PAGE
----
Time Out says
Cultures smash together in this collaboration between two extraordinary dancers
In the Hindu tradition (and also in Buddhism), samsara can roughly be translated as the wheel of life, the never-ending cycle of birth, existence and death that defines the human experience, and which can only be transcended by enlightenment, or nirvana. It is almost an inevitable subject of dance: the flow of movement, its ephemeral essence, speaks directly to the cyclical nature of our world. We begin, we move, we stop and we begin again.
UK/Indian dancer Aakash Odedra has teamed up with Chinese dancer Hu Shenyuan to explore the notion of samsara as it relates to both Chinese and Indian thought. In many ways they each represent their cultural heritage on stage, almost standing in for their nations – although it is inadvisable to take the metaphor too far. China and India share some cultural similarities, but as nations on the world stage there is no helpful comparison to be made.
Nevertheless, Odedra and Shenyuan do draw on the dance traditions of their respective countries to fascinating and often stunning effect. Odedra is trained in kathak and bharatanatyam dance, and Shenyuan in Chinese folk – one of the most remarkable aspects of the performance is how fully integrated, how seamlessly contemporary the ancient dance is made to feel. It pulses with life, often breathtakingly beautiful as a breathing art form – not as mere cultural artefact.
The opening is more than arresting, it’s mesmerising. A grand gong is struck, and a light comes up on a bronze statue, sand raining down on its head. Shenyuan is soon visible, bathed in golden light that still allows for plenty of shadow. In that chiaroscuro, the dancer’s lithe figure moves swift and birdlike one second, gloriously flowing and elongated the next. The contortions, the lines and the startling tableaux he creates are simply spellbinding.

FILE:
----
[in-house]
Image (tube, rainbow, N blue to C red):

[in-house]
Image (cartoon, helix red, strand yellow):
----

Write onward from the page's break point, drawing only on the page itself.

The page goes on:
Later in the piece, Odedra has his own moment to shine individually – with a routine involving spins that tilt towards the ecstatic, evoking the escalations of religious fervour – and again it is spellbinding. One sequence, so elegant in its simplicity, involves the two dancers pouring sand into each other’s cupped hands, a symbol of shared cultural associations perhaps. Or just shared humanity.
There is so much exquisite dance and so many gorgeous ideas that it’s unfortunate the piece doesn’t make an entirely satisfying whole. The opening has a sequence where the two dancers simply cross the stage in identical hooded garments to intermittent pulses of light, and it is wonderfully austere and mysterious. But when this resolves into a sequence involving squares of light – the dancers moving in and out of them, reaching for each other – it is painfully literal.
Later – when the dancers explore the idea of connection through rhythms tapped out on their bodies, or they form an image of Ganesh, with multiple limbs moving – the performance threatens to collapse into cliché. Even the image of continuous streams of sand falling is a theatrical idea that has had its day, lovely though it looks. There is a sense that the two performers ran with every idea they came up with in the rehearsal room, instead of pushing through to something deeper and more dangerous.
Samsara is a work that aims to build connective tissue between different cultural traditions and on this level it is a success. This isn’t a crucible, where separate forms melt into each other, losing their specificity. But despite some technical triumphs – Yaron Abulafia’s magnificent lighting design and Nicki Wells' extraordinary score elevate the emotional effect considerably – and a heap of gloriously precise and expressive dance, it doesn’t achieve greatness. It needs an outside eye, a singular vision, for that. Still, samsara is an ongoing process of imperfect repetition. The work is just beginning. Again.